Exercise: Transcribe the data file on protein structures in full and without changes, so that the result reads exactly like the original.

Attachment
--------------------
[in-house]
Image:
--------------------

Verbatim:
[in-house]
Image: